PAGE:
Cattle Rabies is no Laughing Matter

A rabid domestic animal that potentially has much more human contact than wildlife is definitely a concern for transmission of rabies to humans.
A rabid domestic animal that potentially has much more human contact than wildlife is definitely a concern for transmission of rabies to humans.
(U.S. Centers for Disease Control and Prevention)

When news surfaces about cattle with rabies, media outlets and the urban public might treat it as a humorous event, with images of a vicious, slobbering cow running amuck on the farm. In fact though, a rabid domestic animal that potentially has much more human contact than wildlife is definitely a concern for transmission of rabies to humans.

It’s always wise to put rabies on a differential list for cattle. Below are the clinical signs of rabies in cattle that veterinarians and producers need to keep in mind. Make sure to stress to producers that if they suspect rabies in an animal, to call a veterinarian immediately and not wait to “see how it comes out.”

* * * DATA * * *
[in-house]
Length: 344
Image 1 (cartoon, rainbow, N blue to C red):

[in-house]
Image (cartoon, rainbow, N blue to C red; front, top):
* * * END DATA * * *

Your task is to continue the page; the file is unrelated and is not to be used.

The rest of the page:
Clinical signs of rabies in cattle
Cattle with “furious” rabies can be dangerous, attacking and pursuing humans and other animals. Cattle with “dumb” or paralytic rabies have minimal behavior changes, but progress into paralysis.

Clinical signs of rabies can be varied in cattle and other animals. Some of the more common clinical signs include:

  • Sudden change in behavior
  • Progressive paralysis
  • Ataxia
  • Abrupt cessation of lactation in dairy animals
  • Hypersensitivity/alertness
  • Abnormal bellowing
  • Paralysis of the throat
  • Drooling
  • Head extension
  • Bloat
  • Choking behavior

For more on rabies in cattle, read these articles on BovineVetOnline:

USDA Deploys Vaccine Baits to Combat Rabies

New PCR Rabies Test Could Improve Treatment Decisions

How the Rabies Virus Makes Animals “Mad”

 

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